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Thursday, November 10, 2016

THE CRY OF THE SOULS IN PURGATORY TO US

THE CRY OF THE SOULS IN PURGATORY TO US
by Rev. John Evangelist Zollner, 1884
"Friend, lend me three loaves."--Luke, 11: 5


The efficacy of continued, fervent prayer, our dear Lord one day illustrated to His disciples by a very consoling example: A man went to a friend’s house at midnight, asking him to lend him three loaves of bread, because he had nothing to set before a friend of his who had come off his journey to visit him. We may easily imagine, that this petition, at midnight, was very inopportune to the friend, who with his children, had retired to rest for the night; he, therefore, refused the petitioner, in these words: "Trouble me not, the door is now shut, and my children are with me in bed; I cannot rise and give thee."--Luke, 11:7. 


But he does not go away. On the contrary, he continues knocking the longer and louder, and because of his importunity, his friend rises from his couch more unwilling than willing, opens the door and gives him the three loaves. This petition, "Friend, lend me three loaves," the souls detained in the prison of purgatory direct to us on this day of All Souls, for they are certainly in greater distress, and need our help far more, than the petitioner mentioned in the Gospel. They cry out to us at midnight, in the dark night, i. e., from the dismal prison in which they are detained; they call us their friends, and ask us to lend them three loaves of bread. Let us contemplate this cry for help of the suffering souls, and reflect upon it word for word. Let us consider-- 

I. The word "Friend,"
II. The word "Lend"
III The word "Me" and finally,
IV. The words "Three loaves."



Part I.--"Friend."


The suffering souls in purgatory cry out to us: "Friend" and justly, for we are related to them both spiritually and corporally.

1. Spiritually. Our spiritual relationship with the suffering souls consists in this, that we and they are members of the One Church, which will exist until the end of the world in a triple state; militant upon earth, suffering in purgatory, and triumphant in heaven. By reason of this triple relationship--

(a) We believe that there is a place called purgatory, in which the souls who depart this life without being perfectly cleansed from all imperfections are detained and must suffer until they have fully satisfied the justice of God. This faith is founded upon Scripture, tradition, and reason. In the Old Testament we read: "It is a holy and a wholesome thought to pray for the dead, that they may be loosed from sins."--II. Mach. 12:46. St. Paul writes: "If any man's works burn, he shall suffer loss, but he himself shall be saved, yet so as by fire."--I. Cor. 3: 1 5. The Apostle here speaks of a state in the other world, in which souls are tried by fire for some time; or, in other words, he speaks of purgatory. Of the Fathers of the Church who give testimony to the existence of purgatory, I shall mention only one, St. Gregory of Nyssa, who says: " If any one has departed this life knowing the difference between virtue and vice, he cannot approach the Deity, until a purifying fire has obliterated the stains with which the soul is contaminated." Reason also teaches us that there is a purgatory. How many people die who have not been guilty of mortal sins, but are not free from lesser faults. Where will they go? To heaven? Impossible, because nothing defiled can enter. To hell? By no means. For it would be contrary to the mercy and justice of God to condemn man to hell for all eternity on account of a few small faults, counterbalanced by a living faith and numerous good works. Therefore, there must be a middle place where souls are detained until they have rendered that fall satisfaction to God which they neglected here, after which they are admitted into heaven.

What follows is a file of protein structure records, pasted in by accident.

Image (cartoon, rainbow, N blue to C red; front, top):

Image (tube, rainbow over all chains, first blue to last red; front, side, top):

(b) We hope that with the suffering souls we shall one day be admitted into heaven, for which we are still combating, and they suffering. Is it not just, that we assist those suffering souls as far as we can, to attain the happy end for which they sigh, and to which we also aspire, and where we wish one day to be united with them forever? Indeed, if any one would take no interest in the suffering souls, and do nothing for their relief and release, of him we should judge, that he is not solicitous either for his own salvation, and that he has no desire to be numbered among the elect in heaven. But such a disposition would evidently be unchristian, and would lead, not to heaven, but to hell.